Once community currencies can begin to be established, an immediate initiative of those communities (which the People’s Project can help begin) is to create a community foundation, funded entirely by the community bank, which is accountable to the people, not bankers. The initiatives and projects of the community foundation would mirror those of the People’s Project, but on a local scale. It must be funded by the community bank, without interest or debt. Since the concepts of interest and debt are just ideas, all we have to do to change their existence is to simply agree, collectively, that they are bad ideas. After all, currencies are faith-based, so we need to place our faith in a different currency system which supports people, not bankers. The community foundation could then be perpetually funded by the community bank in order to support local initiatives and community projects. Of course, this is a complex process which would take a great deal of time and effort, and not least without a great many failures along the way. But the point is that we need to establish a plan of action to begin effecting change and interaction and communication on a global scale.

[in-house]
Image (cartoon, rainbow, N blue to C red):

This is not a utopian ideal, it is a humane ideal. Up until present time, what we refer to as “human civilization” is often the process of a coercive and socially constructed method of shaping humanity to fit within the confines and adjust itself to ‘society.’ Human history continuously shows examples whereby societies were constructed and people were then forced to adjust to those societies. Often this was done violently and coercively, but also, and more effectively, and most especially in the past century, this was done through the engineering of consent. The point of this Project is to help free humanity, so that we can properly understand human nature for the first time, and thus construct society around the needs and desires of human nature. Human civilization must come to reflect human nature; human nature can no longer be shaped within the confines of human civilization. As people are largely a product of their environment, down to the very notion of what we know as “mental illness,” we must begin to reshape the environment to support the people. We must construct our society in such a way that enhances and flourishes all that is good in human nature, while minimizing and undermining all that is bad in human nature. Currently, our society does the opposite. That is why war, poverty, dehumanization, and destruction are so common, whereas cooperation, liberation, peace, and harmonious existence are so rare.